China has started tracking down some of its citizens living abroad to collect taxes, surprising expatriates who never had to pay levies back home on overseas income, according to people familiar with the matter.


State-owned enterprises operating in Hong Kong, which has one of the lowest tax rates in the world, told mainland Chinese expats recently to declare their 2019 income so they can pay taxes at home, according to the people, who asked not be named because they aren't authorised to speak publicly on the matter.


Chinese SOEs are also informing employees working in other places such as Singapore, two of the people said.


China, which charges taxes of as high as 45%, revised its income tax rules January last year to help authorities start collecting money from its citizens worldwide similar to what the US does with Americans living abroad.


But Beijing only disclosed detailed instructions this year on how to file such taxes, catching many expatriates flat-footed.


The move signals the beginning of what could be a major shake-up for one of the largest expat communities in the world as some could see their tax bills soar.


Though specific statistics on expats weren't immediately available, Chinese state media have reported there are about 60mn ethnic Chinese living overseas.







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Chinese expats to be taxed at up to 45% on foreign income



China has started tracking down some of its citizens living abroad to collect taxes, surprising expatriates who never had to pay levies back home on overseas income, according to people familiar with the matter.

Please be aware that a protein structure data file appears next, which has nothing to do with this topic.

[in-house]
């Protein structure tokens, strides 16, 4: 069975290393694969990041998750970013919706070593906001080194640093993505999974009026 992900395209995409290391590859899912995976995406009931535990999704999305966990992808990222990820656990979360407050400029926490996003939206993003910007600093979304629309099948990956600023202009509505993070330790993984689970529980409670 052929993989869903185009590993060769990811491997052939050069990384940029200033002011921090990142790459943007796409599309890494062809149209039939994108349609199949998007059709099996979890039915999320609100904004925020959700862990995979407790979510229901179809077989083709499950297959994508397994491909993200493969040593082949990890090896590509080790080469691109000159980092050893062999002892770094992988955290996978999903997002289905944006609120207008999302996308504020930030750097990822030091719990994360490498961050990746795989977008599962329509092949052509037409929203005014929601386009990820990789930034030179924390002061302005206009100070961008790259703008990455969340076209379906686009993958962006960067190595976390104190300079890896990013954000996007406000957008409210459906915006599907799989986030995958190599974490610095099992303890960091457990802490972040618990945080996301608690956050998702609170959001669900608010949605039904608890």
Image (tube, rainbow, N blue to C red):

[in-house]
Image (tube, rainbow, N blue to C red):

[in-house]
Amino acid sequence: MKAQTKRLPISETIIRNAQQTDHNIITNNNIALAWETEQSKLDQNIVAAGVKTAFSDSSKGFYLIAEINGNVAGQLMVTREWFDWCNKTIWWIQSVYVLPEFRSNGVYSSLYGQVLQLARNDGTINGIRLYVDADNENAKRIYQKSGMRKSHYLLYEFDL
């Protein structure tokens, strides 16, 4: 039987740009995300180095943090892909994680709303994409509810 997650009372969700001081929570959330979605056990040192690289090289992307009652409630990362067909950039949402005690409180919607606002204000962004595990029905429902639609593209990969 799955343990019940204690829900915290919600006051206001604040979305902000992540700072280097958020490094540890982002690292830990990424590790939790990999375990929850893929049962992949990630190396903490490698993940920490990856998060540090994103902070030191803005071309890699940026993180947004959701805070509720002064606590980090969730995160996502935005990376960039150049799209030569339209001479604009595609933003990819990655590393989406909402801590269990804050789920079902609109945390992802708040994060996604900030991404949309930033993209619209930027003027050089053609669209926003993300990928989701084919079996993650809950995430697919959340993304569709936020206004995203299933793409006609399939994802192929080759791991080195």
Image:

State-owned enterprises operating in Hong Kong, which has one of the lowest tax rates in the world, told mainland Chinese expats recently to declare their 2019 income so they can pay taxes at home, according to the people, who asked not be named because they aren't authorised to speak publicly on the matter.


Chinese SOEs are also informing employees working in other places such as Singapore, two of the people said.


China, which charges taxes of as high as 45%, revised its income tax rules January last year to help authorities start collecting money from its citizens worldwide similar to what the US does with Americans living abroad.


But Beijing only disclosed detailed instructions this year on how to file such taxes, catching many expatriates flat-footed.


The move signals the beginning of what could be a major shake-up for one of the largest expat communities in the world as some could see their tax bills soar.


Though specific statistics on expats weren't immediately available, Chinese state media have reported there are about 60mn ethnic Chinese living overseas.







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